Horner testified that some time in December before the sale was consummated appellant made an appraisal of the properties. It did not make an audit, but the evidence tends to show that it used a copy of the audit made by appellee. Accepting appellee's audit as correct for the period it covered, Horner supplemented it with an audit for the period of January 1, 1929, which he himself provided. In answer to the question, "And the figures represented as appearing in Exhibit 1 which is the audit prepared by Mr. Bright were accepted by the City Ice and Fuel Company as the basis for this particular deal that you have negotiated in November, 1929?" he said: "I believe they were"; and "Q. You employed Scudder Company for the extended audit because Scudder Company had prepared the audit of Bright's? A. Largely."

The actual purchase upon which appellee bases his claim was consummated as the result of offers emanating from the four companies about the 1st of January, 1930, which were accepted by appellant by resolution of its board of directors in March, 1930. The consideration was $1,350,000 paid in stock of appellant instead of $1,500,000 cash as proposed by appellee. Otherwise the information and plan worked out by appellee were the basis of the transaction.

We conclude that the evidence hereinabove detailed supports the verdict. There was of course countervailing testimony, but we are not concerned therewith upon a motion to direct a verdict. There is uncontroverted evidence that appellant recognized the merit of the plan and data which it obtained from appellee. With the exception of the appraisal and later the audit, which brought appellee's data up to date, there is ample evidence from which the jury might conclude that appellant was making full use of the information furnished by appellee.

The law will imply a contract from the circumstances. See Klebe v. U.S., 263 U.S. 188, 192, 44 S. Ct. 58, 68 L. Ed. 244. The acceptance by appellant of the information and data furnished by appellee is a sufficient consideration to support an implied promise to pay therefor. Appellant understood that appellee expected compensation if it should acquire the properties. Indeed appellant offered to defray his expenses incurred in the prosecution of the work. The absence of an express agreement does not preclude the jury from considering under the common counts the value of the data which appellant unquestionably sought and used. Appellant cannot escape liability under such an excuse, nor force appellee to accept its own valuation of his services.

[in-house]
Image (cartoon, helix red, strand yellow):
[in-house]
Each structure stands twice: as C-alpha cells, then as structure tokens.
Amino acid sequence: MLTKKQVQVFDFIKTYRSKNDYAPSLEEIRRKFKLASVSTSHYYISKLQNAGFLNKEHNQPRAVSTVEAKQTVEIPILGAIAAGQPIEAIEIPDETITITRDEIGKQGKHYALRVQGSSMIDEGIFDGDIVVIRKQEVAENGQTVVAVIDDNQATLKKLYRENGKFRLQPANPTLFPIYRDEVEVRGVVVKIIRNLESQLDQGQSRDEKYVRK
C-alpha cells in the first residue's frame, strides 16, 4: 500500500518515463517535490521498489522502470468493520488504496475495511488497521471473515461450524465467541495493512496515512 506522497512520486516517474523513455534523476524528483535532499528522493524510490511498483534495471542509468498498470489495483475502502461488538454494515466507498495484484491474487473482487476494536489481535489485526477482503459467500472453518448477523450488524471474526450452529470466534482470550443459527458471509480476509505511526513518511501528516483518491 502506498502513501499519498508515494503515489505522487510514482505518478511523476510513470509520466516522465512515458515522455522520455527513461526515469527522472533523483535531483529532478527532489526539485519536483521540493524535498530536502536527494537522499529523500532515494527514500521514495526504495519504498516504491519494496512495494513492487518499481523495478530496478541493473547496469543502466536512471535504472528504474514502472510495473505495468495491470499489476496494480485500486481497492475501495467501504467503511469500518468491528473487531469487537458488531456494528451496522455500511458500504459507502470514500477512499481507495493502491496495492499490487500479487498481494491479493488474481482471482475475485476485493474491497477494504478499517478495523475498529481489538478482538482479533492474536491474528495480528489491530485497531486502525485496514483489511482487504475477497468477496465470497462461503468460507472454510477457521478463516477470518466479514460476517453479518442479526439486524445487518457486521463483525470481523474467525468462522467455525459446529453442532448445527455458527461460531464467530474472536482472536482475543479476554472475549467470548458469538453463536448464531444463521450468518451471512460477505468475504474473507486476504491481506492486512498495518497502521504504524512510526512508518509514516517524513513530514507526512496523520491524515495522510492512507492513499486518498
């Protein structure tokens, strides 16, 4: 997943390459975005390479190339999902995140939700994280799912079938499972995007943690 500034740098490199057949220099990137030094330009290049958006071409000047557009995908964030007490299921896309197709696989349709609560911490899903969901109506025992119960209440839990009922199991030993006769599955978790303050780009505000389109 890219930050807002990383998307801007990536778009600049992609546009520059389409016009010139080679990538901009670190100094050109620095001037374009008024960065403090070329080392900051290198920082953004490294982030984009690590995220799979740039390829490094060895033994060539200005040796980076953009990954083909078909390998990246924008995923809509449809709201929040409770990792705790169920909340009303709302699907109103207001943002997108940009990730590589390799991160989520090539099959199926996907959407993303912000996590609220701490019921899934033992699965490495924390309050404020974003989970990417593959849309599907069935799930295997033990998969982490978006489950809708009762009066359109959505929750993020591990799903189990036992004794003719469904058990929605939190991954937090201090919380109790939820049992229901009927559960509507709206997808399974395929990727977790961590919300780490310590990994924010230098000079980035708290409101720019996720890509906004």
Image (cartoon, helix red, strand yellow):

As was said in an opinion written by Judge (later Mr. Justice) Holmes in Spencer v. Spencer, 181 Mass. 471, 473, 63 N.E. 947, 948: "Again, it is not necessary that the defendant should have believed that the plaintiff expected pay. If as a reasonable man he should have understood from what he knew that such was the expectation, he would be bound by accepting the services."

In Miller v. Stevens, 224 Mich. 626, 632, 195 N.W. 481, 482, it is said: "* * * Where there is no express contract a contract may, be implied in fact, where one engages or accepts beneficial services of another for which compensation is customarily made and naturally anticipated, and, although there be no express stipulation between the parties for wages or price, the law implies an understanding or intent to pay the value of the services rendered. * * *"

In Page on Contracts, Vol. 3 (2d Ed.) § 1442, it is said: "If services are rendered at the request of the person for whom they are rendered or if the benefits thereof are accepted voluntarily by such person there is an implied promise on his part to make reasonable compensation therefor if no express contract has been made; if the services are such as are ordinarily paid for and if the party who rendered them was not bound to render them without compensation." (Italics ours.)

See, also, Orcutt v. White, 220 Mich. 590, 190 N.W. 660.

Complaint is made in appellant's brief that the reference in the bill of particulars supporting the common counts was to the allegations of the special count and hence no evidence except that relating to an express agreement could properly have been offered. We do not so read the bill of particulars. The reference therein was to the ice companies mentioned in the first count, but, if appellant was surprised, it lost its right to object since it entered no demand to make the common counts more specific. Freehling v. Ketchum, 39 Mich. 299.

Appellant urges that it was entitled to a directed verdict upon the common counts because, as indicated herein, the negotiations between the parties took place in Cleveland, Ohio, and there was no written agreement to pay a commission for the sale of real estate as required by the Statute of Frauds of Ohio. Appellee points out that by an amendment to the Ohio Statute of Frauds made in 1925 (Act Ohio April 9, 1925, 111 Ohio Laws, p. 104) agreements for the payment of commission upon the sale of real estate are taken out of the statute. However we do not regard the Statute of Frauds as operative. We think the District Judge correctly pointed out that appellee's suit was not one for commission upon the sale of real estate.

We have examined the assignments of error not herein particularly discussed, and we find nothing therein prejudicial to the rights of appellant.

The judgment of the District Court is affirmed.